I got an empty email in my language (Hebrew) with only a title that can be translated to I am still waiting for your feedback (original: עדיין מחכה למשוב שלך)

Since my gmail handle multiple accounts (by forward and by user\pass) I tried to figure out which account was the target, and to my surprise - None!

Strange email without To

My question is simple, why gmail chose to put this email in my inbox? Attached bellow is the full source of the email (from gmail) except my censored email. How is this not a security breach\stopped by spam filters?

Original Message:

  • Message ID <1516107259.760993983@f493.i.mail.ru>
  • Created at: Tue, Jan 16, 2018 at 2:54 PM (Delivered after 2 seconds)
  • From: joseph andrew Using Mail.Ru Mailer 1.0
  • To:
  • Subject: עדיין מחכה למשוב שלך
  • SPF: PASS with IP Learn more
  • DKIM: 'PASS' with domain bk.ru Learn more
  • DMARC: 'PASS' Learn more
Delivered-To: ****<cencored>****@gmail.com
Received: by with SMTP id q86csp4037724jad;
        Tue, 16 Jan 2018 04:54:21 -0800 (PST)
X-Google-Smtp-Source: ACJfBotHqXkzj6W7gd+8IjEmxrwG9SqXBSC+QiTqyAB1j2Dt4ASXtmXr5UpqIpdU7Mge/EFmnzVI
X-Received: by with SMTP id e76mr192303ljf.115.1516107261904;
        Tue, 16 Jan 2018 04:54:21 -0800 (PST)
ARC-Seal: i=1; a=rsa-sha256; t=1516107261; cv=none;
        d=google.com; s=arc-20160816;
ARC-Message-Signature: i=1; a=rsa-sha256; c=relaxed/relaxed; d=google.com; s=arc-20160816;
ARC-Authentication-Results: i=1; mx.google.com;
       dkim=pass header.i=@bk.ru header.s=mail header.b=kgyoMcic;
       spf=pass (google.com: domain of joseph.andrew@bk.ru designates as permitted sender)
       dmarc=pass (p=REJECT sp=REJECT dis=NONE) header.from=bk.ru
Return-Path: <joseph.andrew@bk.ru>
Received: from f493.i.mail.ru (f493.i.mail.ru. [])
        by mx.google.com with ESMTPS id 1si926950ljd.480.2018.
        (version=TLS1_2 cipher=ECDHE-RSA-AES128-GCM-SHA256 bits=128/128);
        Tue, 16 Jan 2018 04:54:21 -0800 (PST)
Received-SPF: pass (google.com: domain of joseph.andrew@bk.ru designates as permitted sender) client-ip=;
Authentication-Results: mx.google.com;
       dkim=pass header.i=@bk.ru header.s=mail header.b=kgyoMcic;
       spf=pass (google.com: domain of joseph.andrew@bk.ru designates as permitted sender)
       dmarc=pass (p=REJECT sp=REJECT dis=NONE) header.from=bk.ru
DKIM-Signature: v=1; a=rsa-sha256; q=dns/txt; c=relaxed/relaxed; d=bk.ru; s=mail; h=Content-Transfer-Encoding:Content-Type:Message-ID:Reply-To:Date:MIME-Version:Subject:From;bh=47DEQpj8HBSa+/TImW+5JCeuQeRkm5NMpJWZG3hSuFU=; b=kgyoMcicHiqU/OvYmq/2sQYQ3607jIk9ZHkh3oVDZTrA6cWDxLGvol37xuQ3L0mfrqIOpSTYHuJzssIjww+4FL/h/GwBRRO1AsuLgxyjSQaOLVqidNe0MUIz6EVQxYXLcUCl9USryPLWAWKBiwL80efALu5znH8K96P6fF33Gzw=;
Received: by f493.i.mail.ru with local (envelope-from <joseph.andrew@bk.ru>) id 1ebQkt-0004Zj-4G; Tue, 16 Jan 2018 15:54:19 +0300
Received: by e.mail.ru with HTTP; Tue, 16 Jan 2018 15:54:19 +0300
From: joseph
  andrew <joseph.andrew@bk.ru>
Subject: עדיין מחכה למשוב שלך
MIME-Version: 1.0
X-Mailer: Mail.Ru Mailer 1.0
Date: Tue, 16 Jan 2018 15:54:19 +0300
Reply-To: joseph
  andrew <joseph.andrew@bk.ru>
X-Priority: 3 (Normal)
Message-ID: <1516107259.760993983@f493.i.mail.ru>
Content-Type: text/plain; charset=utf-8
Content-Transfer-Encoding: base64
Authentication-Results: f493.i.mail.ru; auth=pass smtp.auth=joseph.andrew@bk.ru smtp.mailfrom=joseph.andrew@bk.ru
X-7FA49CB5: 0D63561A33F958A5898151702DBFE222A841889EBAE90B8E20672C31CB87FE38725E5C173C3A84C39B8A9203B4187291E49527301AB7C5D479C543ECCDAE434EC4224003CC836476C0CAF46E325F83A50BF2EBBBDD9D6B0F20A889B128FC2D163B503F486389A921A5CC5B56E945C8DA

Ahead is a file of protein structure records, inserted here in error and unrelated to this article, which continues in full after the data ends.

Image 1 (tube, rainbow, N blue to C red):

X-Mailru-Sender: AEEF7784B292FD580FA14CB39DA65BAAC14FF9386EF48BFAB56EC34AB37A73FC68AD8B15A0E9EE36875DC23763F10D8F75E89B9EB25B1370F805D6321A69DA8E2FB9333096616C166E245241366DF001CF5B8F1B83B229A3C432A6261406F5E9E7E03437FF0094633453F38A29522196
X-Mras: OK
X-Spam: undefined


Tried to send with bcc and empty "to" and gmail showed the bcc. So currently @Luc answer seems to be the real answer (RCPT TO was used).

BCC try fail

  • 5
    Similar question on Superuser: Why is my own e-mail address not listed in the To field? Jan 16, 2018 at 14:24
  • 6
    I've configured spam filters to reject blank To: fields before, so it is possible for spam filters to stop this. The downside is that some legitimate (and IMHO foolish) senders want a blank To: field so they can e-mail a large group of people without exposing all of their addresses to each other. Sometimes I've gotten away with saying they have to put something (like their own address) in the To: field, other places I've been ordered to allow empty "To:" fields through the spam filter. Jan 16, 2018 at 18:17
  • 3
    "I tried to figure out which account was the target" -- The "To" MIME header is useless for that anyway since it is under the control of the untrusted sender, look instead at the Delivered-To header which was attached by your own server.
    – Ben Voigt
    Jan 17, 2018 at 0:07
  • 2
    Your BCC test is not a good test. You are using GMail, which (a) knows you are the sender (b) may do odd things anyway. To test, you need to send from a different address at the very least -- one which is not yours -- and preferably not use GMail as a client at all. Jan 17, 2018 at 1:06
  • 4
    Just a note: Your attempt to cover the name an email in the "Edit:" image is really not sufficient. Not only is the full lettering not covered, but the covered portions are different in every instance, making a large portion of the text retrievable.
    – Zach
    Jan 17, 2018 at 16:54

4 Answers 4



Two explanations:

  • BCC
  • Spam

I've often gotten spam where they seem to want to hide to whom it was addressed for some reason. Since I have a catch-all on my domain, it will arrive for me no matter what address they used (unless they used one which I blacklisted).

How is this possible?

SMTP traffic looks like this:

EHLO example.com 
MAIL FROM:<user1@example.com>
RCPT TO:<user2@example.com>
RCPT TO:<user3@example.com>
RCPT TO:<user4@example.com>
Subject: test
From: <user1@example.com>
To: <user2@example.com>
CC: <user3@example.com>

Hi Jake,
Just letting you know that email works.


You can open a TCP connection to any mail server and type this, and it'll respond to you and deliver your email (I've omitted responses in the example). On Windows, install Telnet from the Windows features menu and type telnet example.com 25 to connect to the server at example.com on port 25.

As you can see, user4 was addressed in the RCPT TO and it will end up in their email inbox, but they are not mentioned in the from, to or cc headers of the email data. The email data, from the DATA command until the . on a line by itself, is the part that you will see when you open "view source" in your email client. So it has little to do with the actual email exchange. Of course it usually matches, but in a malicious case, they don't care what is "usual". And in the case of BCC you'll also not see it.

I've often gotten spam where they hide where it was sent to. In order to be able to trace it, I have to dig in my mail server logs.